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I’m confused

How can I find books to buy on your site by topic.

How can I find books by technical topic? I find the new layout of your web page confusing. I liked it when I could simply go and click on programming languages -> PHP and find PHP books, etc. How can I get back to that system? I can't find anything just by looking at the most popular keywords you have now.
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  • Hello psychoz199,

    As you noticed, we're working on our nav. Before I get into an explantation of what we've done, you can use our search, which we've greatly improved and made more accessible and prominent on all pages.

    Now to an explanation. What we found was that the topic nav just wasn't that useful to most customers, except the "Programming" topic. So what we did was create topic pages on the top 20 things visitors were actually asking us for, day after day. We may need to broaden that list so it includes additional topics. In the meantime, we've gone back and forth on including the old nav below the new. We're closely monitoring feedback and we can quickly put it back if necessary.

    Thanks for taking the time to write.

    --Allen
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  • Cool. Well consider this my vote for adding the old nav beneath the new one, I'd use it.
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  • Let me be more specific about my concern, actually: While I can still find books, what I can't do is sort them by popularity. This was actually a pretty useful tool to figure out what I might want to buy. Even a great publisher like O'Reilly has books of differing quality, utility, breadth of appeal, etc. Often I found myself looking most closely at the most popular books, trusting the collective wisdom of other programmers (Hey, did I hear a "Web 2.0" in there somewhere? ;) )

    That's why Amazon tells you that people who looked at a certain book also looked at certain other books, etc. It's a great heuristic when shopping. You should at least re-add the ability to sort by popularity and maybe also by rating.

    That said, the other problem is that I might not use the right keyword. Under your old system, there were a limited number of sections, so if there was a book out there for me to buy, I knew it had to be in 1 of maybe 3 or 4 sections. There wasn't a risk that I was simply searching for the wrong keyword. Now, there is that risk - something could fall through the cracks if I choose the wrong word.

    Finally, both your search and keyword tools assume that people either know what they're looking for, or will decide what to look at based on the most popular items of the day. But what if I don't know what I'm looking for, and it's also not popular? For example, a book on a relatively obscure topic that was not published recently and has not recently made the news. O'Reilly has lots of classics like that, but I might not find them if I can't choose categories that roughly match what I want and then get ideas from the subcategories.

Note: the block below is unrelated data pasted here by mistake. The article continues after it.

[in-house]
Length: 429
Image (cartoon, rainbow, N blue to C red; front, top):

• Hello psychoxl99,

      Let me address your points one by one:

      First, I'm not sure what you mean by sort by popularity. We had, and still have, a bestseller list, and that hasn't moved. It's on the far right of the homepage, down a ways at the moment. Other than that, we didn't have a most popular list, and I'm not certain how we'd even go about that other than by bestseller. Most popular to whom? Tell me more. Our upgraded search does give us better tools for weighting and relevance, and we'll be tuning that going forward. Popularity w/in a category is definitely something we'll be working towards.

      To your point about Amazon pointing out other books, we're using a collective intelligence tool supplied by Aggregate Knowledge that does this with a lot of sophistication, and those boxes show up on all catalog pages as well as article pages. What you see in the AK box is based on your actions and the actions of people like you. I think it's working quite well for us, and it reveals content from across all our sites that are running the AK code.

      I've been traveling this week and will talk w/ my group about the old topic browse links. I didn't like it for a couple of reasons. First, it's based on what are called BISAC codes, a categorization system for books. The problem with it is that it's somewhat arcane and is quite out of date. We've been working w/ an industry group to get them updated, but even then they are more suited to people in bookstores for shelving than they are for humans. Secondly, except for the "Programming" category, it just wasn't used. I think this is because it made it very hard for people to find our content.

      But you've given me some things to think about, and I greatly appreciate that.

      Regards, --Allen
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  • sarahkim (Official Rep) July 18, 2008 17:35
    Hi,

    I wanted to let you know that based on your feedback and similar comments from other customers we have decided to put our old topic navigation back on the oreilly.com homepage - below the new navigation.

    We really appreciate the time you took to detail your concerns. We will continue to look for ways to improve oreilly.com and always welcome your feedback.

    Sarah
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